[OS X TeX] Re: LaTeXiT & Keynote: color management when printing

Jens Noeckel noeckel at uoregon.edu
Wed Sep 26 21:04:26 CEST 2007


On Sep 26, 2007, at 11:51 AM, Adam M. Goldstein wrote:

>
> On Sep 26, 2007, at 12:54 PM, Luis Sequeira wrote:
>
>>> 	This question may be slightly afield for many folks on this list,
>>> but since in involves Macs and LaTeX, I hope the rest of you will
>>> indulge me:
>>>
>>> 	I am using a 3rd-party Keynote theme along with LaTeXiT for a  
>>> course
>>> I am teaching this semester.  The theme has a dark blue background
>>> with white text;  I use LaTeXiT to produce equations in the same  
>>> font
>>> and text color.  Of course, these equations are seen by Keynote as
>>> embedded PDFs.
>>>
>>> 	For student versions of the slides (with space to write notes), I
>>> generate PDFs of each lecture's notes using the Keynote print option
>>> "Don't print slide background or object fills" -- this, in
>>> combination with the ColorSync print option to use the "Grey Tone"
>>> Quartz filter, yields compact versions of the slides that print with
>>> black text on a white background.
>>>
>>> 	Except for the equations, that is -- these (naturally) are still
>>> white and thus rendered "invisible" in the PDFs of the slide  
>>> handouts
>>> that the students print prior to lecture.  I could go in and change
>>> each and every equation manually from a white to a black text color
>>> (thereby having to maintain two versions of each lecture
>>> presentation:  the white-on-blue lecture slides and the black-on-
>>> white handouts).  But I'm hoping for a better alternative.  (The
>>> slide-to-equation ratio is slightly over 2, but that still leaves 15
>>> - 30 equations per lecture to modify by hand.)
>>>
>>> 	I suspect that it should be possible to use CoreImage and/or Quartz
>>> filters to first "invert" the colors (if that is the right term) so
>>> that white text -> black text, dark blue background -> light-colored
>>> background, etc., then filter a second time to create a greyscale
>>> version of this transformed color scheme.  All via the print dialog,
>>> or maybe Automator.  Unfortunately, I have not been able to find a
>>> way to accomplish this objective (and I have neither skills in, nor
>>> access to, Photoshop or Illustrator, etc.).
>>>
>>> 	If a LaTeX-based presentation package can do all this, as well as
>>> manage data chart creation and complex slide transitions and dynamic
>>> graphics, then I would like to know about it.  However, I am not  
>>> in a
>>> position to switch away from Keynote this semester, so suggestions
>>> for a more direct solution would be greatly appreciated.
>>>
>>>                                          -- Mike
>>>
>>>
>>
>> Both powerdot and (as has been said by another poster) beamer can  
>> handle this perfectly.
>>
>> I use powerdot for my classes and usually keep two versions of the  
>> \documentclass line, such as
>>
>> \documentclass[mode=present,paper=a4paper,display=slides]{powerdot}
>>
>> %\documentclass[mode=handout,display=slidesnotes,nopagebreaks] 
>> {powerdot}
>>
>> and I just comment/uncomment one and the other, as appropriate, to  
>> produce screen or handout versions. Works like a charm.
>>
>> Luis Sequeira
>>
>
> I use beamer in a similar manner, producing 4-up copies of the  
> slide show by commenting and uncommenting short segments in the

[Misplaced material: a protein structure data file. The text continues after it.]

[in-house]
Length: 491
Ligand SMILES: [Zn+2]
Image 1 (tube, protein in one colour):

> preamble, depending upon whether I am producing a version to show  
> in class or a version to be distributed as lecture notes. The  
> colors are altered as well as the number of slides per page.

>

That's definietly the best way to solve the original problem. Now  
that he's already started using Keynote, though, it should in  
principle be possible to just go through all the dropped LaTeXiT  
pictures and process them, ideally by extracting their LaTeX source  
and just modifying the foreground and/or background color information.

If you do "Show Package Contents" on a Keynote presentation, all the  
equations show up as pdf files starting with "droppedImage". So all  
one has to do is write a script that goes through these  
droppedImage*.pdf files one by one, and replaces them with a new  
version. Of course one should work on a copy of the presentation,  
because any post-processing will probably conflict with the LaTeXiT  
linkback functionality.

The easiest thing one could do, although it's not exactly what Mike  
wanted, is to add a dark background to each formula, without changing  
anything else. So the foreground of each equation  would still be  
white, but at least it would be visible in the printout. To do that,  
for each "droppedImage.pdf" file in the presentation bundle, you  
could create a temporary file "tfile.tex" with the content

\documentclass{article}
\usepackage{color}
\pagecolor[rgb]{.5,.6,.1}
\usepackage{pdfpages}
\begin{document}
\includepdf[fitpaper,pages=-]{droppedImage.pdf}
\end{document}

Executing "pdflatex tfile" would create the tfile.pdf which has a  
background with RGB values I just chose at random above. This then  
has to replace the original droppedImage.pdf.

Repeating this for all LaTeXiT files, you end up with a Keynote  
presentation that has all the equations with a dark background. I  
just tried this myself, and interestingly I can still get the color- 
changed equations to open in LaTeXiT with Linkback. However, my added  
background color of course gets lost in this return trip to LaTeXiT.

Anyway, although not perfect, this is an easily scriptable partial  
solution to the problem, which doesn't require going back to the  
source of each equation. One could say it has the advantage of making  
the math stand out more.

Probably I could come up with a script if someone thinks this is a  
useful idea. One could obviously extend this to negate the whole  
picture with ImageMagick to get even closer to the original intent.

Regards,
Jens





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